A Brief Overview of RNA

This write up is focused on the breakthroughs in RNA Biology, most of which eventually bagged Nobel Prizes for the scientists working on them. RNA (Ribonucleic acid) and all the knowledge pertaining to it today allows us to understand some very fundamental concepts, particularly regarding gene expression. This is a very brief write up, tailored to give the reader an overview, driven by the writer’s own passion.

Very first Discovery:To identify RNA in a cell, it is essential to trace down how it is being made.  Severo Ochoa put forth a postulate that it was being synthesized by an enzyme- a phosphorylase. This even won him a Nobel Prize, but his work was invalidated when it was discovered that phosphorylase actually degrades RNA. Regardless, it is still considered a breakthrough as it contests the fact that there is such a thing as RNA.

The structure of RNA: Robert W. Holley, Har Gobind Khorana and Marshall Nirenberg shared a Nobel Prize in Medicine in 1968 for discovering the structure of alanine transfer RNA, one of the many types of RNAs that we know exist today.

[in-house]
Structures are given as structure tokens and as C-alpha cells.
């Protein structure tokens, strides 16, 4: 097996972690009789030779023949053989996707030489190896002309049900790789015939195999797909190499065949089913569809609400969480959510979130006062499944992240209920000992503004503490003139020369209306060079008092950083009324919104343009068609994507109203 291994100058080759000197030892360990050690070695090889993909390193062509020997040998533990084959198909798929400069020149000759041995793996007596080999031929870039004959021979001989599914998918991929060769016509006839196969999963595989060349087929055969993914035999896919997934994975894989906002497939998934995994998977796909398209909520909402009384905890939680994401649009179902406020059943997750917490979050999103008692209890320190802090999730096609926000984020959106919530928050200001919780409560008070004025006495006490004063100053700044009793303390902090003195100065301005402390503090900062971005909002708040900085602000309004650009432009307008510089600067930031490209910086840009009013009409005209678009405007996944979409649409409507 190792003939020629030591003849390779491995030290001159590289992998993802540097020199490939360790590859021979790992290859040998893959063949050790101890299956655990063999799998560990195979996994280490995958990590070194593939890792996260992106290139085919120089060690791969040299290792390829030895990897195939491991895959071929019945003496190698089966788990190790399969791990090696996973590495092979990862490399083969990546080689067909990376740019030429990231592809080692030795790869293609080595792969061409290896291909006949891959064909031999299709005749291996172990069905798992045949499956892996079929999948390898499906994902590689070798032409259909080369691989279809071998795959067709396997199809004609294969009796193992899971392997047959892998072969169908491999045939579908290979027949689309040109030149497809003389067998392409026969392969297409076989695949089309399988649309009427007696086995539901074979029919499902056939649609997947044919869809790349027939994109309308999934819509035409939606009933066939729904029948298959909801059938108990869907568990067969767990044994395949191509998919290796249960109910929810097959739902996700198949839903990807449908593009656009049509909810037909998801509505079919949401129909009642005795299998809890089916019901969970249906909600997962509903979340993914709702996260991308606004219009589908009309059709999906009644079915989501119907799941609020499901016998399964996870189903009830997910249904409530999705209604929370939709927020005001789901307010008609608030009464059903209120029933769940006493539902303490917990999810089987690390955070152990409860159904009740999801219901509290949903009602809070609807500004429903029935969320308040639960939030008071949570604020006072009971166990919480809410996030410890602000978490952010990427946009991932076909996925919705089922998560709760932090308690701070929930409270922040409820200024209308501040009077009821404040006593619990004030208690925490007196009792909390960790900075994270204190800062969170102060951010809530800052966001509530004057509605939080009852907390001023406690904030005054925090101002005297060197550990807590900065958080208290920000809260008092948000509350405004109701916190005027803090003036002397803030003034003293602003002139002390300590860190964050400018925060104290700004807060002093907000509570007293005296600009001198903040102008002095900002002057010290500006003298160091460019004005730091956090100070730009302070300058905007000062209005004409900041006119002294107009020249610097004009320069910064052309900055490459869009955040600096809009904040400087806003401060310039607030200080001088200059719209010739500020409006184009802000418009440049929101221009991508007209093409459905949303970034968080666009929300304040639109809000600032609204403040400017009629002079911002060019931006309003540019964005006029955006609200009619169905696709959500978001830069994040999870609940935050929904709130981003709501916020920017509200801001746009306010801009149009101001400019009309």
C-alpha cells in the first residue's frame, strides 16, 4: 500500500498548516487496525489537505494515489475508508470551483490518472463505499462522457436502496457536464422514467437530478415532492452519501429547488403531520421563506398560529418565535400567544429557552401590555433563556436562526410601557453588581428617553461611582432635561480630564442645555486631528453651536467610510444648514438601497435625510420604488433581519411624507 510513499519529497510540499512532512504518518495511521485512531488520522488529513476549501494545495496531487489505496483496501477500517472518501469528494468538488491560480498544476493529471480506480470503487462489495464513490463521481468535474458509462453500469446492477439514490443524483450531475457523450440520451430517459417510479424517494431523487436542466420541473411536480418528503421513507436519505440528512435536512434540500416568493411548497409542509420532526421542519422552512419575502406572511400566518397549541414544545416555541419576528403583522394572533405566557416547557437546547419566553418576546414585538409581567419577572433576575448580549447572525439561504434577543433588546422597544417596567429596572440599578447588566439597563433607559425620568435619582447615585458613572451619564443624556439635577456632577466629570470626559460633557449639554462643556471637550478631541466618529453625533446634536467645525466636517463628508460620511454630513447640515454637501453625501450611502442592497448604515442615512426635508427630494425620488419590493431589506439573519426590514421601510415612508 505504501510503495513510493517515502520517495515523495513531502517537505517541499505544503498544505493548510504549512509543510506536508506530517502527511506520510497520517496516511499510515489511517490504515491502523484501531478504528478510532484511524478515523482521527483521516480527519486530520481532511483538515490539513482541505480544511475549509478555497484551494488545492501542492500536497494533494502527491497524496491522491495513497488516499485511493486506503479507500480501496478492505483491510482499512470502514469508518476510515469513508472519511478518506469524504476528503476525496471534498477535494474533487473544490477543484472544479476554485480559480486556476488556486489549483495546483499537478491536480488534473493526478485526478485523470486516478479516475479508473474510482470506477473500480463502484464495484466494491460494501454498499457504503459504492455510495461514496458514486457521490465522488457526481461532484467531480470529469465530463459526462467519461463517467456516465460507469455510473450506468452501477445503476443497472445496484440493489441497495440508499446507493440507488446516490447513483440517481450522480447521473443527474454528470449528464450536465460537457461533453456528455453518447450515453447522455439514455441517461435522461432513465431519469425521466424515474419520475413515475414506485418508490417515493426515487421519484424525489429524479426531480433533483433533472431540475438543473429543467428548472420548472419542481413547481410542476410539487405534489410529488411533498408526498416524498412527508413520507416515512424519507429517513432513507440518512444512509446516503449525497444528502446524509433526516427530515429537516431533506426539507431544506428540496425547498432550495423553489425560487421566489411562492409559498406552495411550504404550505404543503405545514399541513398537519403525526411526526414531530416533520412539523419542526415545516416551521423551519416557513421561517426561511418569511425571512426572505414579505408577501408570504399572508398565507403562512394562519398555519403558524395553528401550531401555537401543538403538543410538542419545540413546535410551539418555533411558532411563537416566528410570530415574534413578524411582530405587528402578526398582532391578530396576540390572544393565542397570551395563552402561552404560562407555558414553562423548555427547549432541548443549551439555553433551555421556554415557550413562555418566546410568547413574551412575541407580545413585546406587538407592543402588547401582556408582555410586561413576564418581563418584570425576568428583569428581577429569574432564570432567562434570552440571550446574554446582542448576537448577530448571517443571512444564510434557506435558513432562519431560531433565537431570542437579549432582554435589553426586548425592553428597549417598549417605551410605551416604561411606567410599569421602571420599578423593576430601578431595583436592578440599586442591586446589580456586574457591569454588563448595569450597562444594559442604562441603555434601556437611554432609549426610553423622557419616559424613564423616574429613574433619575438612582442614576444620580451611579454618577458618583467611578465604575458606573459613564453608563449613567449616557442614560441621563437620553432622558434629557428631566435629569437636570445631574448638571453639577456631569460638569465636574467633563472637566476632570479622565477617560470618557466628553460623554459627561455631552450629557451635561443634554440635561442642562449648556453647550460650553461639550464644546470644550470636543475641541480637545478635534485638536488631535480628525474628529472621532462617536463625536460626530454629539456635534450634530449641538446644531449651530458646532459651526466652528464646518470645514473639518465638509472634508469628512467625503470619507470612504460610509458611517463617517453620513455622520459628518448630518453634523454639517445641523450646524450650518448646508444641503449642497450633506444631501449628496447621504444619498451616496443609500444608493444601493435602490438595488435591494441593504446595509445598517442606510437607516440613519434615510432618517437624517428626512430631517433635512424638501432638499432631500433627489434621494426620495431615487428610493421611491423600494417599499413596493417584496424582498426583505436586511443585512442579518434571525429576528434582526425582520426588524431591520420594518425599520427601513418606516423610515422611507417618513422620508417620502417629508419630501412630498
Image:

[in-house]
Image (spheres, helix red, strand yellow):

Discovering its Potency: The dreaded HIV virus, a lentivirus, uses its RNA along with  a reverse transcriptase (and other protein assembly) to incorporate itself in the human cell- basically to infect human cells. The scientists to whom the credit of discovering HIV reverse transcriptase goes are David Baltimore, Renato Dulbecco, and Howard Temin. They were awarded the Nobel in Medicine in 1975. The discovery of HIV as it is known today was an important hallmark in the history of mankind and medicine; not only was it a huge contribution to the field of Virology, but it paved a new way for how a disease and the diseased are treated- medically and socially.

RNA Regulations: DNA is the flagbearer of genetics and heredity. But discovering the role of RNA in protein formation could very well be termed as one of the most significant breakthroughs in biology. Later studies in RNA interference can also be regarded as significant breakthroughs.

Significance in CAS9 studies: ‘CRISPR’ (Clustered Regularly Interspaced Short Palindromic Repeats) refers to sequences of DNA found in the bacterial genome that contain fragments of viral DNA, retained from viral attacks to the bacterium. The system basically relies on the genetic machinery of bacteria- prokaryotic organisms with a very low ‘generation time’ (the time taken to give rise to a new generation)

When researchers were studying simpler CRISPR systems, they discovered that it relies on Cas9, a protein. The Cas9 endonuclease is a four-component system that includes two small RNA molecules named CRISPR RNA (crRNA) and trans-activating CRISPR RNA (tracrRNA).

High throughput RNA sequencing studies today are the stronghold of experimentation in biology. They involve using next generation technology to analyze and sequence the transcriptome- that is, the sum total of all the messenger RNA molecules of an organism.




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